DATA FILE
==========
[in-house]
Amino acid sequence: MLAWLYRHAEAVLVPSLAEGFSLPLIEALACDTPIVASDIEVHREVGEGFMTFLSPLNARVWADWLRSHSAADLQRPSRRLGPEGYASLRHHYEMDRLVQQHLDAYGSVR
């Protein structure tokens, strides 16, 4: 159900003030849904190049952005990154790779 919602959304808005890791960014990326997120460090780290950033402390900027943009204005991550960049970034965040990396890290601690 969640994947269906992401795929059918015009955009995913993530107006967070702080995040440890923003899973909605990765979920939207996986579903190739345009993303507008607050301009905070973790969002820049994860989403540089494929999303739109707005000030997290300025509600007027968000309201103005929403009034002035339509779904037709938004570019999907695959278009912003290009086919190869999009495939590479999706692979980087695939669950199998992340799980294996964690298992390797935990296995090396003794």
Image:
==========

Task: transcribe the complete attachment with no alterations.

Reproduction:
[in-house]
Amino acid sequence: MLAWLYRHAEAVLVPSLAEGFSLPLIEALACDTPIVASDIEVHREVGEGFMTFLSPLNARVWADWLRSHSAADLQRPSRRLGPEGYASLRHHYEMDRLVQQHLDAYGSVR
């Protein structure tokens, strides 16, 4: 159900003030849904190049952005990154790779 919602959304808005890791960014990326997120460090780290950033402390900027943009204005991550960049970034965040990396890290601690 969640994947269906992401795929059918015009955009995913993530107006967070702080995040440890923003899973909605990765979920939207996986579903190739345009993303507008607050301009905070973790969002820049994860989403540089494929999303739109707005000030997290300025509600007027968000309201103005929403009034002035339509779904037709938004570019999907695959278009912003290009086919190869999009495939590479999706692979980087695939669950199998992340799980294996964690298992390797935990296995090396003794």
Image: